Philip Jan Nagel

During the last 15 years – when technology has become more natural and habitual, thus causing people to lose control over it – an emerging scene of network practitioners from different fields has been actively involved in building alternative networks of communication and file sharing. Among the practitioners of this DIY networking scene, a growing number of artists have been playing a crucial role as facilitator, mediator, and commoner of knowledge and experience. The artists have been offering tools of understanding based on their will to expose and make accessible opaque systems in an effort to empower people. Daphne Dragona ...
In the summer of 2007 three artists from Slovenia legally changed their names to “Janez Janša,” the name of the right-wing Prime Minister at that time. Since then, the artists have presented their works as performances, exhibitions and a film documentary, and have continued with their investigation of “What’s in a name?” Starting from this famous Shakespearian question, four eminent European philosophers – Austrian Robert Pfaller and Slovenians Mladen Dolar, Jela Krečič and Slavoj Žižek – confront the implications of the Janšas’ name change and its consequences in four essays. Ten years of artistic and real life activity, here illustrated by ...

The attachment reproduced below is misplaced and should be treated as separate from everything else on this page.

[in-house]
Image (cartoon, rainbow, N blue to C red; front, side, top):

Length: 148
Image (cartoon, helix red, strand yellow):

How did the internet go from the utopian free-for-all, open source heaven, libertarian last frontier to the current state of permanent surveillance, exhibitionism and paranoia? This duplicity is the underlying thread that links the artists, activists, and researchers in The Black Chamber, an exhibition, a symposium, an urban intervention and a publication. The Black Chamber aims at discussing the delicate and often awkward role of art and imagination in the age of mass surveillance, stressing the multiple connections between post-studio art and independent research, grassroots reverse engineering, and new forms of political activism in the age of networks. Not just an exhibition ...
This publication offers a broad view on media piracy as well as a variety of comparative perspectives on recent issues and historical facts regarding piracy. It contains a compilation of texts on grass-roots situations whose stories describe strategies developed to share, distribute and experience cultural content outside of the confines of local economies, politics or laws. These stories recount the experiences of individuals from India, Cuba, Brazil, Mexico, Mali and China. The book is structured in four parts and begins with a collection of stories on piracy dating back to the invention of the printing press and expanding to broader ...

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